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Paper: Planets and X-rays: a Radiation Diet
Volume: 448, 16th Cambridge Workshop on Cool Stars, Stellar Systems, and the Sun
Page: 1247
Authors: Sanz-Forcada, J.; Ribas, I.; Micela, G.; Pollock, A.; Garcìa-Àlvarez, D.; Solano, E.; Eiroa, C.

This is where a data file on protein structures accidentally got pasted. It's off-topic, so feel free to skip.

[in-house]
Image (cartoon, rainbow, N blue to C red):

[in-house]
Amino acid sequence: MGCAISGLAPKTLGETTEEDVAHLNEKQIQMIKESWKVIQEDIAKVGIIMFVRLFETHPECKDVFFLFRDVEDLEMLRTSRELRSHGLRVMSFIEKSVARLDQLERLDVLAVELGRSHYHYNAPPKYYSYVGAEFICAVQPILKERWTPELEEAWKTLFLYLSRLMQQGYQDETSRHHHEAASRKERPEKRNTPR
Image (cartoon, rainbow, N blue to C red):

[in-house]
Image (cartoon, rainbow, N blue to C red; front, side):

Abstract: According to theory, high energy emission from the coronae of cool stars can severely erode the atmosphere of orbiting planets. To test the long term effects of the erosion we study a large sample of planet-hosting stars observed in X-rays. The results reveal that massive planets (Mpsin i >1.5 MJ) may survive only if exposed to low accumulated coronal radiation. The planet HD 209458 b might have lost more than 1 MJ already, and other cases, like τ Boo b, could be losing mass at a rate of 3.4 M/Gyr. The strongest erosive effects would take place during the first stages of the stellar life, when the faster rotation generates more energetic coronal radiation. The planets with higher density seem to resist better the radiation effects, as foreseen by models. Current models need to be improved to explain the observed distribution of planetary masses with the coronal radiation received.
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